NASA has confirmed that researchers have discovered the first evidence of water vapor on Jupiter’s icy moon, Ganymede after researchers analyzed data taken by the Hubble Space Telescope 20 years apart.

Experts compared ultraviolet observations of Ganymede made by Hubble’s Space Telescope Imaging Spectrograph in 1998 and 2010, and compared them with 2018 observations.

STIS’ 1998 UV images showed moon atmosphere bands that looked similar to Earth’s aurora. Scientists believed that higher levels of atomic oxygen caused the discrepancy in earlier observations.

The 2018 UV observations by Hubble’s Cosmic Oscillator Spectrograph (COS) revealed that there was not much atomic oxygen found in Ganymede’s atmospheric. This could explain why the UV aurora images are so different.

Now, they believe that the temperature near Ganymede’s equator ‘becomes sufficiently warm that the icy surface releases some small amounts of water molecules,’ the European Space Agency said in a statement.


Ganymede was discovered in January 1610. Since then, it has been the subject of numerous observations, first by Earth-based telescopes and then by flyby missions and spacecraft orbiting Jupiter.

These studies show a complex icy planet whose surface is marked by the stark contrast between its two main terrain types: the darker, older, heavily cratered areas and the lighter, more recent (but still old) regions that are marked with a wide array of grooves, ridges, and smoother, less rocky regions.

Ganymede has a diameter greater than Pluto and Mercury at 3,280 miles (5 262 kilometers).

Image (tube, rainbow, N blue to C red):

It is also the only satellite known to possess its own magnetosphere.

‘So far only the O2 had been observed,’ the study’s lead author, Lorenz Roth of the KTH Royal Institute of Technology, said in a statement released by NASA.

“This happens when charged particles are able to erode the ice surface. We have measured water vapor as a result of ice sublimation, which is caused by thermal escape of H2O from warm icy areas.

“Ganymede’s surface temperatures vary strongly throughout the day. Around noon, near the Equator, it may become sufficiently hot that water molecules can be released from the icy surface,” ESA stated in their statement.

“In fact, the UV images’ perceived differences are directly related to where water is expected to be found in the moon’s atmosphere.”

NASA and ESA have partnered to create the Hubble Space Telescope.

Roth said that the ESA’s Jupiter ICy moons Explorer mission (JUICE), will launch next year. It is expected to reach Jupiter in 2029. Roth stated that the JUICE instrument teams can use the results to improve their observation plans and optimize the use spacecraft.

Also Read: As Delta variant spreads, so do vaccine mandates

JUICE will be studying the largest planet in our solar system as part of its mission. It will also study three of its largest moons. “With particular emphasis on Ganymede, as a potential planetary body, and habitable world,” the ESA said.

The findings were published Monday in the journal Nature Astronomy.

After being discovered in January 1610 by Galileo Galilei, the largest of Jupiter’s moons (Io, Europa and Ganymede), they are now known as Galilean Moons.

Ganymede is Jupiter’s largest moon. It is also the largest moon in the solar system and the only one with its own magnetic field.